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Mozilla InvestiGator: File module

Author: Julien Vehent <>

The file module (FM) provides a basic tools to inspect a file system. It is inspired by "find" on Unix, and implements a subset of its functionalities with a focus on speed of execution.

1   Usage

FM implements searches that are defined by a search label. A search can have a number of search parameters and options, defined below. There is no maximum number of searches that can be performed by a single invocation of FM. However, heavy invocations are frowned upon, because the MIG Agent will most likely kill modules that run for more than 5 minutes (configurable).

In JSON format, searches are defined as a json object where each search has a label (key) and search parameters (value).

A search label is a string between 1 and 64 characters, composed of letter [a-zA-z], numbers [0-9], underscore [_] or dashes [-].

A search must have at least one search path.

            "searches": {
                    "somesearchlabel": {
                            "paths": [
                            "contents": [
                    "another_search": {
                            "paths": [
                            "sizes": [
                            "modes": [
                            "sha2": [
                            "options": {
                                    "matchall": true,
                                    "maxdepth": 3,
                                    "decompress": true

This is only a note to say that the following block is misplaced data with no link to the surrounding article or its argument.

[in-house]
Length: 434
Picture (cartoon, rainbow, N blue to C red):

1.1   Search Paths

A search can have an unlimited number of search paths. Each path is treated as a string. No path expansion or regular expression is permitted in a path string.

A path can indicate a directory or a file. In the case of a directory, FM will enter the directory structure recursively until its end is reached, or until maxdepth is exceeded.

While browsing a path, the module will follow symlinks if they are located within the base search path. For example, if the base path is set to '/sys/bus/usb/devices/' and a symlink is found pointing to '/sys/devices', the symlink will not be followed because it points to a location outside of the base search path.

For each path defined in a search, all search filters will be evaluated.

1.2   Search Filters

Search filters can be used to locate a file on its metadata (fileinfo) or content. Filters can be applied in two ways: either matchall is set and all filters must match on a given file to include it in the results, or matchall is not set and filters are treated individually.

Note: all regular expressions used in search filters use the regexp syntax provided by the Go language, which is very similar to Posix. A full description of the syntax is available at

Metadata filters:

  • name: a regular expression that is applying on the base name of a file. If the regex is prefixed with "!", it will return files that do not match the expression.